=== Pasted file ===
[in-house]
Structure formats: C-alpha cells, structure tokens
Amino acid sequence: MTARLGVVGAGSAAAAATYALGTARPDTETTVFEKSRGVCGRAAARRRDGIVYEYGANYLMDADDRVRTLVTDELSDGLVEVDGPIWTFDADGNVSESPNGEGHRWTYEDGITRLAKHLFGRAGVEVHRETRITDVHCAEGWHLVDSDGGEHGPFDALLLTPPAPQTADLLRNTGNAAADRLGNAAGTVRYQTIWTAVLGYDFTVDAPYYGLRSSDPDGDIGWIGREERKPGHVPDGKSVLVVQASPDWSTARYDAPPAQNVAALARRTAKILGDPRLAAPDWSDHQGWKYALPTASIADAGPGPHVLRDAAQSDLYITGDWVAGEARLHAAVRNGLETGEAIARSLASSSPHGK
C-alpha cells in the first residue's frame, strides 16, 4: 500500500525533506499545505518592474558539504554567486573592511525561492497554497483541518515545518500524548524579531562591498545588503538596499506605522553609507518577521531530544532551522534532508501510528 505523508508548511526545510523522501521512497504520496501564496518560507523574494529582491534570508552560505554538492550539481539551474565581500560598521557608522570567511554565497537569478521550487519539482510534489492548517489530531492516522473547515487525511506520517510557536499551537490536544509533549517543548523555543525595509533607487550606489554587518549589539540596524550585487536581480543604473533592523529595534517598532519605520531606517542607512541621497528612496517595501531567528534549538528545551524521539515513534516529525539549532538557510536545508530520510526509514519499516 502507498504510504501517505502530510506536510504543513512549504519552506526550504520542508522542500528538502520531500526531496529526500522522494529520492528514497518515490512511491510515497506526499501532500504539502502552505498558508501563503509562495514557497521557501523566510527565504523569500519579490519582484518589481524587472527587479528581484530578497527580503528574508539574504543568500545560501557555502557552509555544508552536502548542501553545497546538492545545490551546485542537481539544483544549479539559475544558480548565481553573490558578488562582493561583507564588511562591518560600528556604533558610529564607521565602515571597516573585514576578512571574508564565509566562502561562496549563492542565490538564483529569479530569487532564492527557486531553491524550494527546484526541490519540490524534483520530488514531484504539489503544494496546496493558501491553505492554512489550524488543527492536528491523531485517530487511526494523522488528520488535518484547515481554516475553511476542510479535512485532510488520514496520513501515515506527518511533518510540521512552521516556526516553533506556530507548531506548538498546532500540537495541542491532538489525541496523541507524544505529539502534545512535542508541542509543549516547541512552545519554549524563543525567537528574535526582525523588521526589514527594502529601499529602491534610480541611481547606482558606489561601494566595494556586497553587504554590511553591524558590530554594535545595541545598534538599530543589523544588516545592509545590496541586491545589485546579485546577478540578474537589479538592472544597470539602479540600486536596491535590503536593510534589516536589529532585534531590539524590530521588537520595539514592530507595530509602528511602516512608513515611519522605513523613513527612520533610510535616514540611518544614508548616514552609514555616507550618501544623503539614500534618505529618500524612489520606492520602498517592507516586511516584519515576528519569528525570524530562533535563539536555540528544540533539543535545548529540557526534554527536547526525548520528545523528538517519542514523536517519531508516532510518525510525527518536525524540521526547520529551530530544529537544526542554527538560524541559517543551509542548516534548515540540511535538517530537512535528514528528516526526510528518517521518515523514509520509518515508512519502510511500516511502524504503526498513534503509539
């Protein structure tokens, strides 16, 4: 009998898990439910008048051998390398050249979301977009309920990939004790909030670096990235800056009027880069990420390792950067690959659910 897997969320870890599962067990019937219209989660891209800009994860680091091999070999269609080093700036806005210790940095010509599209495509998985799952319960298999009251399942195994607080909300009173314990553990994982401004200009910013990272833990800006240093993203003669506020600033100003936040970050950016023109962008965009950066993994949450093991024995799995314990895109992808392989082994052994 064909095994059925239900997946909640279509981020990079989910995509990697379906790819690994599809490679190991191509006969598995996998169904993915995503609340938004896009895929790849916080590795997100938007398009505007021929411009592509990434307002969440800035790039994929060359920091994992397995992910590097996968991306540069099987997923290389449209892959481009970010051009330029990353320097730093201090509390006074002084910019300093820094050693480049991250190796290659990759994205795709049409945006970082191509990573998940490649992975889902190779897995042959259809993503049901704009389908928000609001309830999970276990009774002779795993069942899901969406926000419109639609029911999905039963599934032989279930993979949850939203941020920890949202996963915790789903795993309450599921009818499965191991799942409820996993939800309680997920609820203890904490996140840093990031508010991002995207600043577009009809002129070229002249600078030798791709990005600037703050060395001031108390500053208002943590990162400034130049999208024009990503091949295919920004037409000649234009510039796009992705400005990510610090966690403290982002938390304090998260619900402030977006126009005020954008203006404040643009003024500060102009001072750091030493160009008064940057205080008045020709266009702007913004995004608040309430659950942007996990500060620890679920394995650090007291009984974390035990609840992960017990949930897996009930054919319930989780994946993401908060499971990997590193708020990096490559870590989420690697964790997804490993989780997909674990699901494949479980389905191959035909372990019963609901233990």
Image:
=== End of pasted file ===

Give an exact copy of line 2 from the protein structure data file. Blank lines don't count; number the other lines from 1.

Structure formats: C-alpha cells, structure tokens